Travels both intrepid and trepidatious, around the world and around the block
La Nouba Dazzles
A Review by Kelly Monaghan
The spirit of Cirque du Soleil is everywhere in Central Florida, because the people who put together theme park shows obviously recognize a good thing when they see it. If you’ve seen Festival of the Lion King at Disney’s Animal Kingdom, you’ve seen it there. If you’ve seen Odyssea at SeaWorld, you’ve seen it there. The same is true for the new KaTonga show at Busch Gardens Tampa. Even SeaWorld’s new dolphin show can best be described as Flipper Meets Cirque du Soleil.
The imitation is sincere and flattering and all these shows are the better for it. But if you haven’t seen La Nouba, Cirque du Soleil’s signature show in its own futuristic “tent” in Downtown Disney in Lake Buena Vista, Florida, then you haven’t seen the real thing.
Cirque du Soleil is the latest and one of the greatest examples of trend that began in the seventies, when circuses, vaudeville, and “novelty acts” had fallen out of favor. Those who loved and practiced these seemingly outdated skills found fewer and fewer venues in which to show off their skills. Many took to the streets, performing for donations from the crowd. In fact, the founder of Cirque du Soleil was among them.
Another solution was to overlay various circus and carnival style acts with a veneer of post-modern, avant garde intellectualism or rock ‘n roll showmanship to appeal to new audiences. Suddenly, eccentric dancers were appearing in art galleries and absurdist plays (think Bill Irwin), vaudeville acts became avant garde Off-Broadway hits (Blue Man Group), jugglers were adding odd costumes and druggy humor (The Flying Karamazov Brothers), magicians became standup comics (Penn and Teller), and acrobats and mimes evolved into Cirque du Soleil.
La Nouba (Cirque has a number of different shows, including an X-rated Las Vegas version, appearing in venues around the world) is, at its base, a circus show, minus the animals and plus a lot of elements Barnum and Bailey wouldn’t recognize. But it’s come a long way from the streets and uses every trick that modern theatrical technology (and a few million dollars) can think up.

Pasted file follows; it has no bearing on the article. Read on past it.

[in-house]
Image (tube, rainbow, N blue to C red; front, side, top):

The story, if it can be said to have a story, seems to involve a night cleaning woman in some bizarro po-mo industrial complex who is haunted by visions of, well, just about everything. It’s all very avant garde and it seems to hint at layers of deeper meaning. I suspect however that the sound and fury signify nothing, which is not to say that these tale tellers are idiots. They are savvy showmen who know how to hook an audience in the first moments and hold them, breathless, for the next 90 minutes.
The show is structured around a small and decidedly odd assortment of characters. Some evoke familiar archetypes, while others seem to have dropped in from another plane of reality altogether. There is an adorable mime with a long Pinocchio nose and a costume that might work for Papageno in The Magic Flute. There is a smiling white-faced clown who seems to have stepped out of a silent comedy of the twenties. Other figures are reminiscent of commedia dell’arte characters or Renaissance princes.
Then there are four weird and whacked out guys in white who flounce around, striking odd poses and serving variously as Greek chorus, emcees, assistants, and participants. Weirdest of all is a gnarled and rather disturbing figure who looks like a strongman from a Russian provincial carnival with a serious case of mercury poisoning.
These characters are mere window dressing for the main business at hand, which is a series of circus acts that are variously wonderful, amazing, breathtaking, and just plain fun to watch. All of them have been enhanced with imaginative costumes and theatrical flourish. Why have an acrobat build a dizzying tower of chairs and assorted objects on the stage when you can have him do it on a platform that is already some thirty or forty feet in the air?
There are acrobats, two guys who do amazing things with bicycles, four little girls from China who do even more amazing things with twirling spindles, dancers who perform an aerial ballet while wrapped in long red streamers hung from above, and, of course, two adorable clowns who bookend the show and appear from time to time to do deceptively simple little routines that will awaken the inner child in all but the grumpiest. And that’s just the half of it.
The show culminates in a trampoline extravaganza that should bear one of those don’t try this at home warnings. In one part of the stage, there is a three-story building of sorts, complete with windows. Performers leap from the roof onto trampolines below and on the rebound seem to run up the side of the building, freezing in mid stride before gravity draws them downwards again. At other times, they bounce all the way to the roof and into perfect handstands or pop perfectly through the open windows. Combined with the tumbling runs taking place simultaneously downstage on two crisscrossing trampoline runs, it’s an absolutely breathtaking display that reliably brings the crowd to its feet for the curtain call.
La Nouba is expensive, even by Disney standards, which makes it a splurge for most families. On the other hand, I have paid much more to see Broadway shows I didn’t like half as much. If you can afford it, by all means go. If you think you can’t then start saving. I think you’ll agree with me that it was money well spent.
Tickets are $87, $75, and $59 for adults; $65, $56, and $44 for children 3 to 9.
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